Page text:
Yes, the pharmaceutical industry received some sort of social media guidance from FDA in December of 2011. No, it did not actually provide clear-cut guidelines for social media participation or digital marketing for that matter. Regardless, it appears Big Pharma is plowing full steam ahead, anyways, testing the waters with innovative social media tools and new technologies to educate consumers and market their brands.
Pfizer, for example, is linking Google search ads, not directly to their site, but to their brand specific YouTube channels which provide more streamlined results for users. A Google search ad that reads, "Counterfeit Pills Can Be Dangerous," now links to a Viagra YouTube channel where visitors can watch a series of investigative reports on how counterfeit drugs are manufactured, trafficked, and sold to consumers by illegal online pharmacies.
Pfizer hopes to use standard search ads not just to drive traffic to their Viagra brand, but also alert customers to the dangers of counterfeit drugs and educate them to legitimate online pharmacies. The initiative also hopes to push down illegal pharmacies that appear organically on Google searches.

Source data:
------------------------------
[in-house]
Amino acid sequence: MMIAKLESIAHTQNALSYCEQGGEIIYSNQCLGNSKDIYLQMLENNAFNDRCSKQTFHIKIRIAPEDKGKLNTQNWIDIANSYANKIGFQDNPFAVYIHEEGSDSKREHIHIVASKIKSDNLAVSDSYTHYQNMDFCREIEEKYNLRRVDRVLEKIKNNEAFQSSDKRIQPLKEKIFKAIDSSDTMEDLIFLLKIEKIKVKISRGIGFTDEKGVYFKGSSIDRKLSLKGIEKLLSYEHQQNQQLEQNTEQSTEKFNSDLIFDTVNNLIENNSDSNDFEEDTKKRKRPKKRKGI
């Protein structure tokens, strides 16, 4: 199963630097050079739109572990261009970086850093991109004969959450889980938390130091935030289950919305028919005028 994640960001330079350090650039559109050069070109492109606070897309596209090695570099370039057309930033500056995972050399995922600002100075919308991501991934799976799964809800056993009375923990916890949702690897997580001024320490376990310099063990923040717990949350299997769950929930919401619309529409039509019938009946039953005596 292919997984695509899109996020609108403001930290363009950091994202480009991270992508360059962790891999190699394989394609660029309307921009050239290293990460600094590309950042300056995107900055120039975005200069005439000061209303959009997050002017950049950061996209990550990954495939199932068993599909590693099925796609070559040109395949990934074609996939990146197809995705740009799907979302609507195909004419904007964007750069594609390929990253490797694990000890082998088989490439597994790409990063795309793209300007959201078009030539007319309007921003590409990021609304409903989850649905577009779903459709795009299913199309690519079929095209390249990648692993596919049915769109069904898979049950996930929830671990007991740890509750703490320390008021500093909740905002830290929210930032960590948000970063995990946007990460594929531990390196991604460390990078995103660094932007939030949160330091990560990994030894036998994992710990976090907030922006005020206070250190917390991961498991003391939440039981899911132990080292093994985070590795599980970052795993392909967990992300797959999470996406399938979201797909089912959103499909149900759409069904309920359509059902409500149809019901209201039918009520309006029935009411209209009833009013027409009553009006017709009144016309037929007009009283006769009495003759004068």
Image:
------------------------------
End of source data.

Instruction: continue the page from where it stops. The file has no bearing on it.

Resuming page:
Boehringer-Ingelheim is also using social media tools in its digital marketing campaigns through the creation of an interactive game called Syrum. Still in Beta testing, Syrum will allow players to attack deadly diseases from virtual laboratories and work with friends to discover and market new drugs. The game will also allow players to learn more about drug patents and participate in clinical trials.
A recent ClickZ.com article cited Alison Woo, director of social media for Bristol-Myers Squibb, saying that the game initiative "shows a willingness to be in the space and test things out,” and suggested it may also help the industry at large to "overcome reputation challenges," referring to the typically cautious approach taken by pharma brands using social media.
Even if FDA’s recently published draft guidance for pharma marketers only somewhat satisfied requests for clearer social media rules, Big Pharma seems to be proving that social media can be used effectively. If FDA does have this guidance on a lower priority, pharmaceutical companies are finding ways to help and educate patients and consumers anyways.